Announcing OpenCongress ToolsJune 6, 2007 - by David Moore
You may have noticed a new section on our left-hand navigation bar: OpenCongress Tools, launching today. Some of these tools are new ways to share info about Congress using our open-source website code, and some are links to useful new resources for greater government transparency.
First is the new OpenCongress Syndication Panel — we had received a lot of requests for this feature, and we’re pleased to get it out into the world. It’s sometimes referred to as a “widget” — it’s an easy way to display content from OpenCongress on your website.
Simply choose what you’d like to show: the most-viewed bills, the Members of Congress most written-about in the news and on blogs, top search terms, and much more. Then you can customize the appearance of the panel and just copy-and-paste some HTML into your site. It’s perfect for sidebars of political blogs — now your readers can have an at-a-glance, up-to-date way to follow trends in Congress.
One of the key goals of OpenCongress is to harvest and disseminate this social wisdom in order to focus effective public scrutiny on the bills in Congress that really matter, as well as to provide political bloggers with interesting metadata to incorporate in their political
commentary. Take a glance at this sample, and then give the OpenCongress widget a try. We have plans to offer a wider variety of content in the widget soon that you can customize the panel even further — for example, bringing in issues that you care about, showcasing your elected officials, and more, so stay tuned…
Next you’ll find Congrelicious, a plugin for the Firefox web browser that combines OpenCongress and del.icio.us. Here’s a one-sentence way of explaining how it works, with more available here: installing the plugin allows you to post relevant links for other Congrelicious users from within pages on OpenCongress. Congrelicious also allows you to watch embedded videos & listen to audio from C-SPAN, YouTube, ComedyCentral, NPR and others. Thanks to Dan Phiffer for this great tool, created as an entry for the Sunlight Foundation’s “”http://www.sunlightfoundation.com/mashup">Mashup Congress and Win" contest.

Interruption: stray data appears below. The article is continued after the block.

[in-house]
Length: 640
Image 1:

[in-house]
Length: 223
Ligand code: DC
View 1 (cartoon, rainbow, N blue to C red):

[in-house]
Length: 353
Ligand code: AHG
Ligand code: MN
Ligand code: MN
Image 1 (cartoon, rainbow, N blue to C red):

After that comes OpenMass: a very cool version of OpenCongress for the Massachusetts state legislature, created independently by Jim Caralis. We’re excited that Jim was able to use our open-source code in his display of Massachusetts bill information alongside news and blog coverage. We’ll be writing more here on the blog with Jim about how he brought OpenCongress to his state, and hope to see the OpenCongress model expanded to state, local, and other levels.
MAPLight.org comes next, an exciting new site that brings together campaign contributions and how legislators vote, providing an unprecedented window into the connections between money and politics. Now, individuals and reporters can quickly determine how closely a vote in Congress correlates with special-interest contributions.
Hope you’ll check out these new tools and resources, with more to come, and hope you’ll help build public knowledge about Congress by using the new Syndication Panel ::
We’re always interested in hearing your feedback on how OpenCongress can be a more useful resource. Contact us anytime with questions or suggestions: email@example.com.